As reported previously, the Corps submitted the Reevaluation Report and the Peer Review Panel’s recommendations to the Assistant Secretary of the Army for Civil Works on April 11.  According to Spitzack, the ASA(CW) responded on July 24 that the report was not actionable because the remaining uncertainty is too great.  On September 22, USACE replied that it could not reduce that uncertainty with current models, but planned to use the Peer Review Panel’s comments in defining future research.  Spitzack said the ASA(CW) reiterated his position that additional sensitivity analysis would be helpful, particularly concerning critical factors such as ethanol, crop area, grain prices, and fuel prices.  Spitzack reported that the Corps is now considering its further options.

 

Institutional Arrangements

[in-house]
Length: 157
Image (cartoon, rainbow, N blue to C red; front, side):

Spitzack reported that MVD has reviewed the Advisory Panel (AP) proposal, and the three Districts have responded to the Division’s comments.  As forwarded to MVD, Spitzack said the proposal looked similar to the partnership’s plan, with revisions to describe responsibilities more fully and repackage the document as a joint proposal from the three Districts.  MVD’s comments focused on the interpretation of “independent guidance” and the appropriate level of representation on the AP.  Specifically, Spitzack said MVD staff prefers a higher level of representation on the AP, with a working group underneath it to address the details of program implementation.  Spitzack said he is scheduled to brief General Walsh on the Districts’ proposal on December 1.  Following that briefing, Spitzack said endorsement at the Division and Headquarters levels and the ASA(CW)’s issuance of invitations to the states and federal agencies could come before the close of the calendar year.  Solicitation of NGOs would parallel this process, with selection of NGO members by April, and the Advisory Panel’s first meeting in May 2009.  However, Spitzack emphasized that the remainder of the schedule is contingent upon when MVD forwards its proposal to Washington.